• LoryD75 says:

      It is progressive. There are several dementia-based illnesses, like Aphasia, and they all present very similarly, but usually stems from brain damage—from concussions or a stroke. My FIL has it, and is his condition is very similar to my father’s, who had Alzheimer’s.

  2. Songs (Or It Didn't Happen) says:

    I know there is a big age difference so there might have been health issues eventually anyway, but I keep going back to think about the heartbreak of falling in love, marrying and building a family with someone, then less than 15 years later, you’re losing them to cognitive problems. Those young kids. It’s just awful to think about.

    • Case says:

      Good comment. Yes, there’s an age difference, but people can become disabled or sick at any point in life without warning. My dad cared for my mom when she went through chemo in her 40s. People get in life changing accidents and develop conditions all the time, so this is really just a matter of “in sickness and in health” regardless of age.

      I wish their family the best. I think it’s great that Demi and his older children are so close to Emma and his younger children. Seems like he has a lot of love in his life.

  3. Liz version 700 says:

    Jeez this makes me feel so sad. I lost my dad to Alzheimer’s in 2017 and the process of seeing his decline was hard on me as a middle aged adult. What a difficult thing to deal with as young children. I hope his wife and all of his children have a lot of support. I am glad he has so many people surrounding him with care.

  4. Lizziebuck says:

    It now makes sense why Bruce and Emma and their children stayed at Demi’s early in the pandemic.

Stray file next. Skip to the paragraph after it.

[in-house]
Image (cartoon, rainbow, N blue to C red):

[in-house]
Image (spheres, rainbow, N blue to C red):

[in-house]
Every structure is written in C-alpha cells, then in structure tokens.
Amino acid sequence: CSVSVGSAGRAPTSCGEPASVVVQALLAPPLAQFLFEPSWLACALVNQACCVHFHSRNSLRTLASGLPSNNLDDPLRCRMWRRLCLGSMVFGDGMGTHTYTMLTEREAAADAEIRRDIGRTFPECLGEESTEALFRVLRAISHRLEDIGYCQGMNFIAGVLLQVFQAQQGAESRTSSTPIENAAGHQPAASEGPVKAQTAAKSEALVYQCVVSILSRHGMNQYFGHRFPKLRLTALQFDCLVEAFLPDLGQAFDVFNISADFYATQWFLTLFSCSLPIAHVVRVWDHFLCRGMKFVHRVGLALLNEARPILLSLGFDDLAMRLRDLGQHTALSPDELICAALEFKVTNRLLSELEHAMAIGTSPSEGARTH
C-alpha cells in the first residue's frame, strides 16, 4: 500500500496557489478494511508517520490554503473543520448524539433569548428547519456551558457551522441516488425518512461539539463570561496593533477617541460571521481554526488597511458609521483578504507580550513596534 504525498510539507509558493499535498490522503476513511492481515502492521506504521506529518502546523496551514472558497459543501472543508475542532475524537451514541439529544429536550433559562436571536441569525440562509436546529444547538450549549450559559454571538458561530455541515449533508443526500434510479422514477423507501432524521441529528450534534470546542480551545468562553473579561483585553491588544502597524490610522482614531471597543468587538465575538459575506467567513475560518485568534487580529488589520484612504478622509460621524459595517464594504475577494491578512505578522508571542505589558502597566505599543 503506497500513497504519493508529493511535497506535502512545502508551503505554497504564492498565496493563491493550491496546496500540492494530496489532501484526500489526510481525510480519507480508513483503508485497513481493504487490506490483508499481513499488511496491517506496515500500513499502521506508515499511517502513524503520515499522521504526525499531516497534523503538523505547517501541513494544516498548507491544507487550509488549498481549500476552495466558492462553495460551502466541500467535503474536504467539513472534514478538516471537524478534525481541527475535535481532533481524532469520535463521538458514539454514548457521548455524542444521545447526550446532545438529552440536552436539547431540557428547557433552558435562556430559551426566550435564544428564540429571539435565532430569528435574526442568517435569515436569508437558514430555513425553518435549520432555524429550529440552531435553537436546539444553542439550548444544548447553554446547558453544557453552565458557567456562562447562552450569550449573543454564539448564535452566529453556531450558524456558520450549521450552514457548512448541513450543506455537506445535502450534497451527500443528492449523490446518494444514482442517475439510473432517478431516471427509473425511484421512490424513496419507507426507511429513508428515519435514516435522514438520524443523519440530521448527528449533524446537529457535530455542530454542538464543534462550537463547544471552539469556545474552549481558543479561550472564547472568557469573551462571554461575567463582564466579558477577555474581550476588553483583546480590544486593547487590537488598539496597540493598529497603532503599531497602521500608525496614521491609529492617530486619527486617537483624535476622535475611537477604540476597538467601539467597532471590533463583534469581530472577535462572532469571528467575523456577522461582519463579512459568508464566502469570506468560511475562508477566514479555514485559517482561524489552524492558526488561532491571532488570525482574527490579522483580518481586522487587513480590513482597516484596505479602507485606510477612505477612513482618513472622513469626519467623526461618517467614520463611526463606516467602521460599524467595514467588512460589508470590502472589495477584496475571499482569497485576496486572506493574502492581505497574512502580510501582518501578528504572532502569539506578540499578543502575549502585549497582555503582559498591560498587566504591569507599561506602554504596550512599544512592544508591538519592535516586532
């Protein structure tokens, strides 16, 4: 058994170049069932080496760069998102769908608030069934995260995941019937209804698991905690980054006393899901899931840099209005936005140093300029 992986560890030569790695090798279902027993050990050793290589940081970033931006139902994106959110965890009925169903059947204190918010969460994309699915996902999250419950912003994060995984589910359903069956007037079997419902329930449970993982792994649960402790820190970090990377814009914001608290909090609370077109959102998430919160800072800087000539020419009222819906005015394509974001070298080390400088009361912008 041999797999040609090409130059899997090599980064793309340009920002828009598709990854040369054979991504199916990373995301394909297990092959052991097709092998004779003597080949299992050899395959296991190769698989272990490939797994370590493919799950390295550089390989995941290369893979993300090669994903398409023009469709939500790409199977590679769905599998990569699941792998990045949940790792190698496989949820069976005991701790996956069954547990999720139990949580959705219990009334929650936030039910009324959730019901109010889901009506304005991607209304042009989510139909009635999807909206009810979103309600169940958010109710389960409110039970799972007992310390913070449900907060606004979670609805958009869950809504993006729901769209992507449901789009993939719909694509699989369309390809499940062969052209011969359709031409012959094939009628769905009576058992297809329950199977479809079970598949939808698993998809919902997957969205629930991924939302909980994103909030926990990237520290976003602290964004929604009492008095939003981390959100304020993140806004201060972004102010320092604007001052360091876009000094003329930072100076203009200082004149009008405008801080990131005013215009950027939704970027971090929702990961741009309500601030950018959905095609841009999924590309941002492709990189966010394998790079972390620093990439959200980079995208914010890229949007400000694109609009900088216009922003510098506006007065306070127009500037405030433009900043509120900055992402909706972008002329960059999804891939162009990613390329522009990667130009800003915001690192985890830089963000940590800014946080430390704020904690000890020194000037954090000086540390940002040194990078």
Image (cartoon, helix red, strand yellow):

5. BlueNailsBetty says:

    It’s also a good thing his family loves him beyond measure and they are happy to help him with this challenge.

  6. kim says:

    There are many articles out there that this has been brewing for a long time, with signs reported in 2019. And towards present day, having him on set and “acting” seemed really really bad. He didn’t know why he was there, was being fed his lines and had handlers. Eventually directors refused to work with him as it seemed really bad. There appears to be a lot of gray areas in this story.

  7. Flounder says:

    Aphasia is a symptom. Not a diagnosis.

  8. Yo says:

    Aphasia is a symptom, not a disease. It’s aphasia not Aphasia. It doesn’t make people cognitively challenged. There’s something else going on, aphasia is part of it but they’re keeping private WHY. Respect that stop spreading misinformation people, please!!!

    • Julia K says:

      It’s been reported elsewhere that aphasia and cognitive dysfunction are symptoms of frontal temporal degeneration. It seems that is what they’re calling this.

    • AMJ says:

      This. I believe they’re using “aphasia” as shorthand for primary progressive aphasia, which is a subtype of frontotemporal degeneration disease. I guess they wanted it to sound less like “dementia”, but to be honest I wish they used the full diagnosis. There’s so much stigma around dementia. On one hand it’s something people are ashamed of. On other, many people are aware neither of how dementia patients can live a good life (at least for a time) nor of the challenges the caregivers face. If more famous patients and their families were open about it, social perspective could change for the better.